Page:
Think Your Home’s Small? Look At Hong Kong’s Illegal Microapartments

Complaints about needing more shoe storage or having no space for your third bike? Please. In Hong Kong, the price per square foot averages $1,300.

A “small apartment” in New York means under 300 square feet. In Hong Kong, that square-footage count routinely dips into double digits. With the world’s third-most expensive housing market, many of the city’s lower-income residents are forced to live in shockingly small apartments. A single square foot of Hong Kong real estate will cost you over $1,300, on average.


It can be tough to grasp the reality of living in what amounts to a very functional closet through facts and figures, though. These images, which show us a bird’s eye view of several Hong Kong microapartments, do a much better job. They were produced by a Chinese human rights group called the Society for Community Organization, whose mission is to promote equality amongst citizens. “Grassroots people are struggling day in and day out to keep their head above water,” SoCO explains. “Standing in the line of dejection are caged lodgers, tenants living in appalling conditions, aged singletons, street-sleepers, mothers with no one-way permit to live in Hong Kong, families made up of new immigrants and boat dwellers.”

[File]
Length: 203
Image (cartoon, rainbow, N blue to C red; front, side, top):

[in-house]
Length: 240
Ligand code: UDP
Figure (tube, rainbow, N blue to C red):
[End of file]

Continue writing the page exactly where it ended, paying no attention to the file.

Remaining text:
As part of SoCO’s campaign to draw attention to the housing shortage, the group commissioned a photographer to visit dozens of Hong Kong families living in dangerously tiny spaces. They estimate that over 100,000 people are living in unauthorized apartments in the city, a number that may well be low. “In recent years, there are a huge number of partitioned rooms being built in industrial buildings,” the group explains. “As it is illegal to live there, those residents living at industrial buildings are not counted and hence the government figure is underestimated.”

As some have noted, the photos recall Kowloon City, the 15-story megablock that was demolished by city authorities in 1993. But unlike Kowloon, which was a kind of self-contained zone, these conditions are ubiquitous across Hong Kong.

[H/t Visual News]


About the author

Kelsey Campbell-Dollaghan is Co.Design's deputy editor.